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Get Patients Back in the Game

The Therapeutic Gaming program at Craig Hospital is a joint effort of Craig’s donor-funded Assistive Technology, Therapeutic Recreation and Rehabilitation Engineering departments. The project’s goal is to use this popular mode of recreation and leisure to address social, physical and occupational therapy rehabilitation goals.

Patients are referred to the program through their occupational, speech, or recreational therapist. They meet in one-on-one sessions with Assistive Technology therapists to explore their options. Once a week, therapists host a gaming night in a hospital Bistro, where any patient is able to drop by, check out the equipment, play games and enjoy refreshments.

The primary goal of the program is to get the patient access to the game. Once access has been accomplished, therapists will modify the experience to make it more challenging, to help the patient work on his or her therapy goals of increasing balance, dexterity, strength or endurance. Increasing upper extremity ability though gaming can help with eating, dressing, bathing, and other functional activities. In this sense, the game motivates patients to make progress towards independence.

The gaming project has the potential to nurture relationships established between Craig patients and allow them to stay in contact by gaming online after discharge and serve as motivation to return to a full and active life.

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Meet Cody, Adaptive Gaming Program Participant

From Skyrim to Call of Duty, Cody loves playing video games—and tinkering with controls to adapt gaming systems. Gaming even inspired him to pursue a certificate in computer technology.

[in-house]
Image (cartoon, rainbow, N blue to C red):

But when Cody sustained a spinal cord injury in a rollover motor vehicle accident in Wyoming, he wasn’t sure that he would ever be able to return to his favorite hobby and his planned career in computer technology.

Only a few weeks into the rehabilitation process at Craig Hospital, Cody attended the weekly adaptive gaming night on his floor.

Multiple controllers were available for him to test what was most comfortable for him following his injury and which one he’d be able to play with most successfully.

Cody believes that this program is important for his time at Craig. Not only is he relearning to follow his passions and vocational path, he is motivated to complete his therapies. Cody is encouraged by his recent ability to have some movement in his fingers and is looking forward to working more with his occupational therapist, and adaptive gaming, to test his dexterity and motor skills.

It’s beyond entertainment. In a video game, you can be a race car driver or a hunter, expanding your experience and strengthening you emotionally. Once you’ve done it virtually, you might be motivated to try that experience in real life—something Craig can help you to achieve.

Patrick Wagner, Craig Rehabilitation Engineer